One of the UK’s most prominent hedge fund managers just made a very smart move, and made himself a whole heap of money in the process.
Crispin Odey, the boss of prominent hedge fund Odey Asset Management has just bought around 4% of shares in troubled retailer Sports Direct, less than a week after selling a similar chunk of shares in the same firm.
Essentially, what Odey has done is take advantage of Sports Direct’s plummeting share price to make himself a healthy chunk of money.
The exact time of the purchase and how much the shares cost was not disclosed. But a very rough calculation done by Business Insider shows Odey could have made £15-20 million ($21.5-29 million) from his bet. The calculation was based on Odey selling his shares in Sports Direct on Friday morning when they were around £5.10, and buying them back on Tuesday afternoon when they were about £4, and doing so at market value.
According to the statement filed to the stock market on Thursday morning, Odey bought around 21.5 million shares, 3.6% of Sports Direct’s total share offering, adding to the 8.6 million shares already under his control. In total, 5.05% of Sports Direct shares are in Odey’s control, and he is now one of the firm’s top 5 stakeholders.
Last Friday, in an interview with the Daily Telegraph, Odey said that he had reduced his stake in Sports Direct from roughly 5% to around 1.5% saying that he’d “seen the writing on the wall,” and that as a result he’d decided to “lighten his load” in Sports Direct. Odey made the announcement just a few hours after Sports Direct issued a profit warning.
In the interview, he also said that Sports Direct boss Mike Ashley “can’t be a happy beasty” and that Sports Direct’s “share price over the last few weeks has indicated the direction of travel”. Basically it seems like Odey then changed his mind massively over the last few days.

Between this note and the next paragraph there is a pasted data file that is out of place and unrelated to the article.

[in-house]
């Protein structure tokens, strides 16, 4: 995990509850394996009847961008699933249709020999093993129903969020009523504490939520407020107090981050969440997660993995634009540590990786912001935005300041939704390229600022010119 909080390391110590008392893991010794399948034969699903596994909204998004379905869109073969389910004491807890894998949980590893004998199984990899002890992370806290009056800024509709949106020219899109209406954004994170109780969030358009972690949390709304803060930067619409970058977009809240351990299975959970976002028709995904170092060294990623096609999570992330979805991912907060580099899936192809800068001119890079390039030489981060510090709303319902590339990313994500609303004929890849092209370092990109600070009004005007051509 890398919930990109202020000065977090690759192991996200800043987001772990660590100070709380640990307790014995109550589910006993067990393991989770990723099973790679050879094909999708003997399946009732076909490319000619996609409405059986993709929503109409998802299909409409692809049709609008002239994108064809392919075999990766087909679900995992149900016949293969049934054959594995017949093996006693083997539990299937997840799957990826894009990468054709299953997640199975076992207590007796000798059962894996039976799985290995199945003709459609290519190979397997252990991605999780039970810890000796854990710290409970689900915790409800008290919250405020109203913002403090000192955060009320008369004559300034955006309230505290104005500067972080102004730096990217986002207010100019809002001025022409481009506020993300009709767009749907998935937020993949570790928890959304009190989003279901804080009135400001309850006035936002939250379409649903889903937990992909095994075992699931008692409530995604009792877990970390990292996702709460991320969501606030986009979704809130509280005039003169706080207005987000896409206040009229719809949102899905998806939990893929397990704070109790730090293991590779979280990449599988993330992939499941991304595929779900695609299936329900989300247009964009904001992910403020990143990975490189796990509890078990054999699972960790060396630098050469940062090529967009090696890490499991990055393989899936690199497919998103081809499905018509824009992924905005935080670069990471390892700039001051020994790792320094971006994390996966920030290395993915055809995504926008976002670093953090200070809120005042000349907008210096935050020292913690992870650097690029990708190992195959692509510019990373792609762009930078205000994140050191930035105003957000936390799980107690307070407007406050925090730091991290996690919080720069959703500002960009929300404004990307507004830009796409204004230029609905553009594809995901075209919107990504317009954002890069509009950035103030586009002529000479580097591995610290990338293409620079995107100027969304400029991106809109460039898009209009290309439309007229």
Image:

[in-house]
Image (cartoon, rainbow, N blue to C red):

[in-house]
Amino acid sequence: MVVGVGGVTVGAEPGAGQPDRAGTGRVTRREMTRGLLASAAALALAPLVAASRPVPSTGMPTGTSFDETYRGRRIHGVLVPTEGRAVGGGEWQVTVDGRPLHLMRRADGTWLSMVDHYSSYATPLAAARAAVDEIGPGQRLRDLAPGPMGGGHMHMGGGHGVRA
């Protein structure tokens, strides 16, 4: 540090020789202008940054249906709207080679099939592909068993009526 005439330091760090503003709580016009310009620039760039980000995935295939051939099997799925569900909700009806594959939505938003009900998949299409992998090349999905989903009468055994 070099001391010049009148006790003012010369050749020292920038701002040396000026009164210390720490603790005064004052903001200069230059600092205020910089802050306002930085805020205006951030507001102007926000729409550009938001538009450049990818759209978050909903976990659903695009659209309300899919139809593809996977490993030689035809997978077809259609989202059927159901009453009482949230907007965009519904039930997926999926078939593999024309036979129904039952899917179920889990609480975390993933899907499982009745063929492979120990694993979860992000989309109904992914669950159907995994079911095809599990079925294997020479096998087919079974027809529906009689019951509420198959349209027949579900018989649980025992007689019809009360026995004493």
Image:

Sports Direct in the toilet
Sports Direct’s shares have tumbled by nearly 50% in the last year, and have lost more than 30% of their value in just nine days of trading so far in 2016, losing more than £1.1 billion in market capitalisation. The big problem seems to be a lack of innovation, and a poor product offering, according to analysts, including Peel Hunt’s Jonathan Pritchard.
However, a series of PR disasters also helped drag shares down. There are numerous incidents, but some of the biggest include: allegations of mistreatment of workers, Mike Ashley being sued over an unsettled bet, Ashley being accused of nepotism by giving his daughter’s boyfriend a cushy job, and accusations that the company effectively pays workers less than minimum wage.
Crispin Odey is well known for his big bets on UK retailers. Most of them are successful, but some, not so much. Just last week, Business Insider’s Oscar Williams-Grut reported that Odey Asset Management lost a huge chunk of cash after building up a big short position in Home Retail Group, the owner of Argos and Homebase.
When the news of an approach from Sainsbury’s to buy the group emerged, shares in Home Retail rocketed, costing Odey’s fund millions of pounds.